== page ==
A peek at how AI could inadvertently reinforce discriminatory policies

Source: Before It's News

Source: Before It’s News


The most interesting story that came up during Law and AI’s little hiatus came from decidedly outside the usual topics covered here–the world of beauty pageants.  Well, sort of:

An online beauty contest called Beauty.ai, run by Youth Laboratories . . . ., solicited 600,000 entries by saying they would be graded by artificial intelligence. The algorithm would look at wrinkles, face symmetry, amount of pimples and blemishes, race, and perceived age.

Sounds harmless enough, aside from the whole “we’re teaching computers to objectify women” aspect.  But the results of this contest carry some troubling implications.

Of the 44 winners in the pageant, 36 (or 82%) were white.  In other words, white people were disproportionately represented among the pageant’s “winners.”  This couldn’t help but remind me of discrimination law in the legal world.  The algorithm’s beauty assessments had what lawyers would recognize as a disparate impact–that is, despite the fact that the algorithm seemed objective and non-discriminatory at first glance, it ultimately favored whites at the expense of other racial groups.

The concept of disparate impact is best known in employment law and in college admissions, where a company or college can be liable for discrimination if its policies have a disproportionate negative impact on protected groups, even if the people who came up with the policy had no discriminatory intent. For example, a hypothetical engineering company might select which applicants to interview for a set of open job positions by coming up with a formula that awards 1 point to an applicant with a college degree in engineering, 3 years for a Master’s degree, and 6 points for a doctorate, and additional points for certain prestigious fellowships.  Facially, this system appears neutral in terms of race, gender, and socioeconomic status.  But in its outcomes, it may (and probably would) end up having a disparate impact if the components of the test score are things that wealthy white men are disproportionately more likely to have due to their social and economic advantages.

The easiest way to get around this problem might be to use a quota–i.e., set aside a certain proportion of the positions for applicants from underserved minority groups and then apply the ‘objective’ test to rate applicants within each group.  But such overt quotas are also illegal (according to the Supreme Court) because they constitute disparate treatment.  What about awarding “bonus points” under the objective test to people from disadvantaged groups?  Well, that would also be disparate treatment.  Certainly, nothing prevents an employer from using race as, to borrow a phrase from Equal Protection law, a subjective “plus factor” to help ensure diversity.  But you can’t assign a specific number related to the race or gender of applicants.  The bottom line is that the law likes to keep assessments very subjective when they involve sensitive personal characteristics such as race and gender.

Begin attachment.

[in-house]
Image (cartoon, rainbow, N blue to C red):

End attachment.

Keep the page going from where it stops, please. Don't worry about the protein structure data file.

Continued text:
Which brings us back to AI.  You can have an algorithm that approximates or simulates a subjective assessment, but you still have to find a way to program that assessment into the AI–which means reducing the subjective assessment to an objective and concrete form. It would be difficult-to-impossible to program a truly subjective set of criteria into an AI system because a subjective algorithm is almost a contradiction in terms.

Fortunately for Beauty.ai, it can probably solve its particular “disparate impact” problem without having the algorithm discriminate based on race.  The reason why Beauty.ai generated a disproportionate number of white winners is that the data sets (i.e. images of people) that were used to build the AI’s ‘objective’ algorithm for assessing beauty consisted primarily of images of white people.

As a result, the algorithm’s accuracy dropped when it runs into the images of people who don’t fit the patterns in the data set that was used to prime the algorithm.  To fix that, the humans just need to include a more diverse data set–and since humans are doing that bit, the process of choosing who is included in the original data set could be subjective, even if the algorithm that uses the data set cannot be.

For various reasons, however, it would be difficult to replicate that process in the contexts of employment, college admissions, and other socially and economically vital spheres.  I’ll be exploring this topic in greater detail in a forthcoming law practice article that should be appearing this winter.  Stay tuned!

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